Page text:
When a lingerie company announced a gender fluid model would be the face of its new campaign, the haters rolled in with disapproval. But the company quickly shut down criticism.
London-based company Playful Promises announced Nov. 15 that Violet Chachki—a gender fluid model, burlesque performer, and the season 7 winner of RuPaul’s Drag Race—would model its Bettie Page collection.
While plenty of the comments were supportive, some criticized the choice of the model and even misgendered Chachki.
But Playful Promises was quick to defend its choice and drop some woke knowledge on the masses.
“Violet is gender fluid. We did not choose ‘a man’,” the company clarified in a tweet.
Things you need to know about why we chose Violet Chachki to model our new range of Bettie Page Lingerie:— Playful Promises (@PlayfulPromises) November 20, 2017
1. Violet is gender fluid. We did not choose "a man". We chose a gender fluid person that is not represented in the media, and certainly not in the lingerie industry.
It went on to address gender issues in the pinup community.
3. We also chose to use a non-binary model because the vintage/pinup community has certain issues with gender (also racism, but that's another thread). We've seen comments comparing "modern" women to their "classier" counterparts of the past.— Playful Promises (@PlayfulPromises) November 20, 2017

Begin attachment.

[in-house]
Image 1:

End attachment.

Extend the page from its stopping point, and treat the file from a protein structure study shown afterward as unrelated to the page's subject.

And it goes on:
Often, there's an implication that women who had less agency and freedom are "better" than women now. A non-binary model raises questions about how we view pin-ups of the past, and how we talk about images of women today.— Playful Promises (@PlayfulPromises) November 20, 2017
Also, you can't claim to be a fan of Bettie Page without acknowledging that what she was doing at the time was severely frowned upon. If you expect a brand named after her to do things by the book, you're missing the point of what she stood for.— Playful Promises (@PlayfulPromises) November 20, 2017
The company also explained why choosing Chachki, a drag queen, as the face of a lingerie campaign totally aligns with the femininity of drag.
4. Drag is about looking at hyper-femininity (or the opposite for Drag Kings). Lingerie is one of the most traditionally "feminine" products one can buy (or at least how this is presented in advertising). Which leads me on to…— Playful Promises (@PlayfulPromises) November 20, 2017
And finally, it’s a big F-you to the traditional “male gaze.”
5. So many lingerie campaigns are created with the male gaze in mind. Less so than 20-30 years ago, but it's still there. What does using a non-binary model who is not a cis woman, shot by a woman, wearing lingerie created by women, say to you about the male gaze?— Playful Promises (@PlayfulPromises) November 20, 2017
Can I get an amen?